Study shows big lifts from animated ads

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Web animation is an important weapon and a powerful tool for improving click-through and action on a Web banner. Now that World Wide Web banner advertising has moved to animation, are more people itching to click on the ads?

According to a recent study by ZD Net, Cambridge, Mass., of animated Web advertising on its site, the answer isn't an issue of "whether," but only of "how much?".

In evaluating the performance of some 30 ads over the last five months, ZD Net found that animated ads generated click-through rates at least 15% higher than static ads, and in some cases as much as 40% higher.

"Web animation is an important weapon and a powerful tool for improving click-through and action on a Web banner," says Jim Savage, ZD Net VP-general manager.

"The banner becomes more visible and people pay more attention to it even if they don't click on it," says Mr. Savage of animated ads. "They're also more likely to take action and click and go for more information if it's animated and done in an effective way."

For example, an animated Web ad by Anderson & Lembke, New York, for ICon CMT Corp., Weehawken, N.J., which sells high-speed T-1 access, initially pulled a 19% response rate and now some 12 weeks later is still averaging rates of 15% on ZD Net and CMP Media's TechWeb site and others, says Hans Sydow, Anderson managing director.

That compares with an average Web banner response rate of 2%.

The ICon ad uses two animated scrolling bars that fill up painfully slowly --an all too familiar image for most Internet users. The copy reads: "To make it go faster click here."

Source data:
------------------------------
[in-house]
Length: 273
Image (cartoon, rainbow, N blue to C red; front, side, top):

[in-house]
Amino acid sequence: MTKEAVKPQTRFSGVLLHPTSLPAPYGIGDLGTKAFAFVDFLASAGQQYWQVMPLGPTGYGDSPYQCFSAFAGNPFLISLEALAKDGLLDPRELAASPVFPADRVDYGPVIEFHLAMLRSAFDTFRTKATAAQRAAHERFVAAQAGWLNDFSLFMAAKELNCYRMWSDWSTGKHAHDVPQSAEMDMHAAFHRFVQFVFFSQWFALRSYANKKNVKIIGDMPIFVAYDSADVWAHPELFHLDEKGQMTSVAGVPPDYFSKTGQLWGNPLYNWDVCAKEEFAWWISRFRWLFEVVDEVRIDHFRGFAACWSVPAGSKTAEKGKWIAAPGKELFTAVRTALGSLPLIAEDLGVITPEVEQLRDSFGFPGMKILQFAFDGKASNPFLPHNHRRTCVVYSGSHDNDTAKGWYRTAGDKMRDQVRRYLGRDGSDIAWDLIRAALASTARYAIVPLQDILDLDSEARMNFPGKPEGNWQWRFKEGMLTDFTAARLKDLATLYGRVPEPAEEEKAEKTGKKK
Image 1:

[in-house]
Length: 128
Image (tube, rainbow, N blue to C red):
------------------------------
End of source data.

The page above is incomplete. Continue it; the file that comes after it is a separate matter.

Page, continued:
"The animation is a symbol people can relate to," says Mr. Sydow. "We've addressed a real problem with animation and copy and kept the message graphically simple."

Still, simply animating a Web banner doesn't guarantee higher response rates. Mr. Savage's advice: Combine animation with a strong, well-crafted message and a clear call to action.

"Animation for animation's sake doesn't seem to do much," he says. "It should fit with the message and the copy and goal of the banner and emphasize what the product is all about."

ZD Net's observations are echoed by other Web marketers.

"It's an improvement with animation, but it doesn't take the place of response-driven copy and a creative idea," says Scott Heiferman, president and CEO of i-traffic, a New York-based online media planning agency.

Mr. Heiferman also notes that it's difficult to separate the impact of animation from the other features of an ad.

"It's hard to pinpoint if it's the animation or if the animation is tied to a more compelling idea," he says.


ZD Net's study did not isolate animation from other features of an advertisement. Still, says Matthew Lindley, ZD Net advertising creative director, "Everything points to the fact that animation outscores non-animation in almost every instance."

ZD Net also learned that in animation, as with many things, too much of a good thing fizzles.

"There's two degrees of bad when it comes to animation," says Mr. Lindley.

One is animation that takes a long time to download. Combine that with poor copy, and you have a guaranteed "really awful experience," he says.

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